“After consultation with my Generals and military experts, please be advised that the United States Government will not accept or allow…Transgender individuals to serve in any capacity in the U.S. Military,” he wrote. “Our military must be focused on decisive and overwhelming………victory and cannot be burdened with the tremendous medical costs and disruption that transgender in the military would entail. Thank you.”

Trump’s announcement immediately provoked an outcry from his critics and the LGBTQ community. But action was somewhat slow to occur. The Pentagon did not respond to Trump’s tweets about this issue, but waited for official guidance from the White House to reverse the decision to allow transgender soldiers to serve in the military, which took another month. This guidance provided a six-month time frame to develop a plan for transgender soldiers currently serving, which Secretary of Defense James Mattis announced he would take advantage of while he convenes a panel to develop further assessments.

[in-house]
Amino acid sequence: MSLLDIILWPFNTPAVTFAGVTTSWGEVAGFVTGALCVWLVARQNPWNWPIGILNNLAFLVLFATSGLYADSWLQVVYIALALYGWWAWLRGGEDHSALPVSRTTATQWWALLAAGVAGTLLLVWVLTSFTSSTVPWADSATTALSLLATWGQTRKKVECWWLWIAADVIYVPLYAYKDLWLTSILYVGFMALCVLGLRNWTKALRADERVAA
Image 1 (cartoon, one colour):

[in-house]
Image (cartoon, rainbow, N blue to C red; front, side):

But transgender members of the military also sued Trump in court, and a federal judge rejected the ban on Oct. 30, dealing another blow to the policy’s feasibility.

The Senate’s failure to repeal the Affordable Care Act

Both Trump and nearly every Congressional Republican up for reelection ran on the idea of repealing and replacing the Affordable Care Act, former President Obama’s signature health care overhaul. So it was no surprise that the House of Representatives immediately got to work on legislation that would accomplish this objective. What was more surprising was their inability to pass it.